BUILD July 2017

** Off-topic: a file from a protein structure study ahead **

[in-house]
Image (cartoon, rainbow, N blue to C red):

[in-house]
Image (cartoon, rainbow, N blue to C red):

30 BUILD / July 2017 , Brexit and Its Implications for Construction Labour in Britain Professor Linda Clarke, Professor of European Industrial Relations, Centre for the Study of the Production of the Built Environment (ProBE), Westminster Business School, University of Westminster discusses Brexit and its implications for construction labour in Britain. With Brexit dominating the political and news agenda, it is important to consider what implications leaving the European Union (EU) might have for the construction industry, and for construction labour. The first implication relates to the free movement of labour, and the barriers Brexit might pose to the deployment of workers from elsewhere in the EU. It is difficult to estimate the proportion of migrant workers in the construction sector, though this has certainly increased since 2004, largely attributable to the workers coming from East European countries. The latest official figures show that 12% of the workforce of 2.1 million are migrants, of whom the largest share (7%) are from non-EU countries, only 5% coming from elsewhere in the EU i . The largest concentration of migrant labour is in London, representing about half the workforce. However, whilst some of these migrants may be considered as ‘posted workers’ (those working temporarily whether as subcontracted or agency labour or even self-employed), many posted construction workers will not be regarded as migrants. Posted workers are especially prevalent in the increasingly global engineering construction sectors, where much resentment has arisen over the last decade on the part of UK-based workers constructing large projects, including Staythorpe, the Isle of Grain and several biomass power stations. Here, some contractors and subcontractors took free movement as an excuse for wage dumping and for discriminating against the recruitment of UK-based labour – a factor that contributed in no small way to the outcome of the referendum. This position was aggravated by the government’s transposition of the EU Posted Workers Directive, intended to regulate the movement (posting) of labour as opposed to services transnationally, as requiring only minimum legal provisions instead of customary or collectively agreed terms and conditions. Various decisions (Viking, Laval etc.) of the European Court of Justice, giving freedom of competition precedence over fundamental social rights, only added to the boiling resentment on construction sites. The free movement of labour has been to the great advantage of the construction industry across Europe, both for workers and employers, but the intention was never for this to have supremacy over basic social rights. Switzerland provides a good example of an alternative approach. There, 24% of the total population of eight million are migrants, with many working in the construction sector, where almost 60% belong to the union UNIA, of whom 75% are migrant ii . Three years ago in a referendum in Switzerland on immigration, the Swiss narrowly voted to ban Europeans entering to work in the country, and the government was subsequently told by the EU that, if discriminatory measures against Europeans were imposed, then access to the Single Market would be lost. So, instead of controlling immigration through the